2024 March
The Budget Points to Effective Resource Utilization and Planning for Growth


As Hong Kong’s economy slowly recovers, there are high public expectations for the Government to allocate resources effectively to boost economic confidence, maintain sound public finance and support all sectors and industries. Terence Chong, Executive Director of Lau Chor Tak Institute of Global Economics and Finance at CUHK, believes the new Budget has made appropriate responses to address these demands.


Scrapping property cooling measures boosts economic confidence

As the city gets on the path to post-pandemic normalcy, the Budget zeroes in on promoting financial and economic activities. Chong says scrapping all property cooling measures is a key highlight which will definitely boost economic confidence. “Hong Kong’s economy relies heavily on finance, which in turns relies on investor confidence. Since the removal of property cooling measures, we have seen a clear turn in the market and the public is now willing to put their wealth into the property market. When property prices regain upward momentum and the public gradually gains confidence, the financial markets will be more active and vigorous, and the overall economic recovery will gather speed.”


He also points out that going forward financial and commercial exchanges between Hong Kong and the Mainland will continue to increase. Supported by advances in science and technology, as well as complementary measures proposed in the Budget, including deepening the connectivity mechanism, the second phase of the e-HKD trial, gearing up preparations to introduce the RMB counter for Hong Kong Stock Connect, and tax reductions to attract Mainland and overseas family offices, overall capital and information exchange in the Guangdong-Hong Kong-Macao Greater Bay Area will be further strengthened. Hong Kong businesses will enjoy a wealth of development opportunities.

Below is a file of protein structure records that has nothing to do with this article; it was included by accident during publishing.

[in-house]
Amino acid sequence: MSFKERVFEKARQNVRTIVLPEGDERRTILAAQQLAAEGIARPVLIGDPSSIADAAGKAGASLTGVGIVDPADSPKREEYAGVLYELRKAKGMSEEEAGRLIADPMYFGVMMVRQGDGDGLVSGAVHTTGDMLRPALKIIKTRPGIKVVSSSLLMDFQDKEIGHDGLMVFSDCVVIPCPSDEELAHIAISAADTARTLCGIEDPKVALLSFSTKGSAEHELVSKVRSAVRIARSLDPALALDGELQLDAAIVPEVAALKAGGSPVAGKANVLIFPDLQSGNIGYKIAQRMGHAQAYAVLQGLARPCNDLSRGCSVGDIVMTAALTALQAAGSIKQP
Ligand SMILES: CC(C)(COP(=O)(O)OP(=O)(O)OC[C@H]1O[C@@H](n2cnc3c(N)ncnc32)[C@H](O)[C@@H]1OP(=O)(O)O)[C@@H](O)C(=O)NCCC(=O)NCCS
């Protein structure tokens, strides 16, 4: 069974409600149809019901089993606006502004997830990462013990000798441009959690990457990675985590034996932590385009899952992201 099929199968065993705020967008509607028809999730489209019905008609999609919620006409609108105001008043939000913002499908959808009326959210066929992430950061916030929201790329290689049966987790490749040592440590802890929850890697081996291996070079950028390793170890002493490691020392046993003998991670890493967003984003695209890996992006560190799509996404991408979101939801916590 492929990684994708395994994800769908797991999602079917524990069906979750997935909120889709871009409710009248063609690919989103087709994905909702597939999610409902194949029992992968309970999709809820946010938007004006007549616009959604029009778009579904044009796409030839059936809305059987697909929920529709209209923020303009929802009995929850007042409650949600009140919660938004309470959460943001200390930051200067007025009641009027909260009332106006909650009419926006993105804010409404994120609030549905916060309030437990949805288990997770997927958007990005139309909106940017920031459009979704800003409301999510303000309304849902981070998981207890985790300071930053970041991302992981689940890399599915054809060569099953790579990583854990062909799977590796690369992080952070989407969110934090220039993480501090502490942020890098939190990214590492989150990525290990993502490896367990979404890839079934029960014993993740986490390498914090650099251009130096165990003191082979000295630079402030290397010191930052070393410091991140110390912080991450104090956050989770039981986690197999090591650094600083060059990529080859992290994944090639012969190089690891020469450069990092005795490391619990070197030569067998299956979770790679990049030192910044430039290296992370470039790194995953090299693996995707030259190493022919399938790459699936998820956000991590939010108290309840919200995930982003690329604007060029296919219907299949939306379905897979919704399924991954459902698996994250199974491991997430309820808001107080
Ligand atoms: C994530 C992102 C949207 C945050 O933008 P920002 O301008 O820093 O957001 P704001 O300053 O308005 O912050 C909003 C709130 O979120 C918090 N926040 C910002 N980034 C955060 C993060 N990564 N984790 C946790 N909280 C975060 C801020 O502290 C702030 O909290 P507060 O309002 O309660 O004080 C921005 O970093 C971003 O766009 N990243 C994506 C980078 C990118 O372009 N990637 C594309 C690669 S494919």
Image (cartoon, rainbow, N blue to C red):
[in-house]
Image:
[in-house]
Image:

Public finance backed by trillion-dollar exchange fund

On the public finance front, the Budget adopts a comprehensive fiscal consolidation plan and adheres to the principle of keeping expenditure within the limits of revenue. The aim is to gradually narrow the deficit and restore fiscal balance. Key measures of the plan include controlling operating expenditure increases, prioritizing government capital works and adjusting taxes to increase revenue. Efforts will also be made to maintain government borrowing at a healthy level.


In this regard, Chong believes that the government’s policy is adequate and he does not think Hong Kong is trapped in a structural deficit. He stressed that Hong Kong’s public finance remains sound and we should not base our judgment solely on the deficit. “In fact, assets of the Exchange Fund also provide important financial support for Hong Kong. This is our unique advantage. The Exchange Fund currently has over HKD4,000 billion in total assets. Last year, when interest rates trended up, it recorded an investment income of HKD212.7 billion, which was already higher than the fiscal deficit in the same period.”


I&T and tourism are bolstering recovery

The Budget also highlights the need to support development of various industries, such as focusing on the I&T sector and promoting the development of the Northern Metropolis with proposed bond issues, empowering startups, setting up a HKD10 billion New Industrialization Acceleration Scheme and earmarking HKD3 billion for the AI Subsidy Scheme. Chong points out that while finance and export are the bread and butter for Hong Kong, developing the I&T industry is a new way out. Taking the Northern Metropolis as an example, this new district will integrate with the Mainland to create opportunities for industrializing technology R&D deliverables. It can also attract talents to Hong Kong and give rise to vibrant economic activities.
Chong also believes that the Budget will help maintain land prices and benefit local services, catering and hotel industries by allocates resources to promote Hong Kong’s tourism and event economy. All in all, if the property market remains sound and the public regains confidence in financial activities and seize the opportunities presented by the overall national development, he believes 2024 will be a new starting point for Hong Kong’s economy to prioritize stability while pursuing progress.